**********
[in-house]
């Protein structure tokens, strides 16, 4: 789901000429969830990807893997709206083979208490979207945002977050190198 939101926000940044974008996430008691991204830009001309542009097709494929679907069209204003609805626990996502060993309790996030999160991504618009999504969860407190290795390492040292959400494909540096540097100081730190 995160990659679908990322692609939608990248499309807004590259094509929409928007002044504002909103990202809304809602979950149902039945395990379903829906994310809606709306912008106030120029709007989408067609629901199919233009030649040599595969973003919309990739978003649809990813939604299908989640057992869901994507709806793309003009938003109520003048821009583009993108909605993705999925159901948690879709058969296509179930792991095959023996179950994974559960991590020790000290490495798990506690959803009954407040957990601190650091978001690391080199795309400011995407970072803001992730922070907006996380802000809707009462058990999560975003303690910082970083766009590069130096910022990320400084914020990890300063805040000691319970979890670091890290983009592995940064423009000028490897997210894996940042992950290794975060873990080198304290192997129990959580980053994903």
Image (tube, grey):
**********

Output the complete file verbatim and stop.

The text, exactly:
[in-house]
């Protein structure tokens, strides 16, 4: 789901000429969830990807893997709206083979208490979207945002977050190198 939101926000940044974008996430008691991204830009001309542009097709494929679907069209204003609805626990996502060993309790996030999160991504618009999504969860407190290795390492040292959400494909540096540097100081730190 995160990659679908990322692609939608990248499309807004590259094509929409928007002044504002909103990202809304809602979950149902039945395990379903829906994310809606709306912008106030120029709007989408067609629901199919233009030649040599595969973003919309990739978003649809990813939604299908989640057992869901994507709806793309003009938003109520003048821009583009993108909605993705999925159901948690879709058969296509179930792991095959023996179950994974559960991590020790000290490495798990506690959803009954407040957990601190650091978001690391080199795309400011995407970072803001992730922070907006996380802000809707009462058990999560975003303690910082970083766009590069130096910022990320400084914020990890300063805040000691319970979890670091890290983009592995940064423009000028490897997210894996940042992950290794975060873990080198304290192997129990959580980053994903």
Image (tube, grey):